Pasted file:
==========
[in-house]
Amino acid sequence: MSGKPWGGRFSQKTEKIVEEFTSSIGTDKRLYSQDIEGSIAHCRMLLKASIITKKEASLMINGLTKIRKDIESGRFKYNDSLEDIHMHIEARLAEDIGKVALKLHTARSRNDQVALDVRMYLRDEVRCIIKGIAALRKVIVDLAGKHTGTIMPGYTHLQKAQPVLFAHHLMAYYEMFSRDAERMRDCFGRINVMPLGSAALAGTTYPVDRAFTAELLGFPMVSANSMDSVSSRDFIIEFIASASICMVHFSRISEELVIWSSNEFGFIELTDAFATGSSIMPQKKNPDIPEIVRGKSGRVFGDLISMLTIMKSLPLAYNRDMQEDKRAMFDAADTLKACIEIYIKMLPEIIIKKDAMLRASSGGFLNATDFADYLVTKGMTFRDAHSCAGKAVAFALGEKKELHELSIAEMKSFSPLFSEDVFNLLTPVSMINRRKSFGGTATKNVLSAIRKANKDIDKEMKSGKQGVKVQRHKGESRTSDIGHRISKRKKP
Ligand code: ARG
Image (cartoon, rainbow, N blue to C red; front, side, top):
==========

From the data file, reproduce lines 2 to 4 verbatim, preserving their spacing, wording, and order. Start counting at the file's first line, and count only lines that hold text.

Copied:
Amino acid sequence: MSGKPWGGRFSQKTEKIVEEFTSSIGTDKRLYSQDIEGSIAHCRMLLKASIITKKEASLMINGLTKIRKDIESGRFKYNDSLEDIHMHIEARLAEDIGKVALKLHTARSRNDQVALDVRMYLRDEVRCIIKGIAALRKVIVDLAGKHTGTIMPGYTHLQKAQPVLFAHHLMAYYEMFSRDAERMRDCFGRINVMPLGSAALAGTTYPVDRAFTAELLGFPMVSANSMDSVSSRDFIIEFIASASICMVHFSRISEELVIWSSNEFGFIELTDAFATGSSIMPQKKNPDIPEIVRGKSGRVFGDLISMLTIMKSLPLAYNRDMQEDKRAMFDAADTLKACIEIYIKMLPEIIIKKDAMLRASSGGFLNATDFADYLVTKGMTFRDAHSCAGKAVAFALGEKKELHELSIAEMKSFSPLFSEDVFNLLTPVSMINRRKSFGGTATKNVLSAIRKANKDIDKEMKSGKQGVKVQRHKGESRTSDIGHRISKRKKP
Ligand code: ARG
Image (cartoon, rainbow, N blue to C red; front, side, top):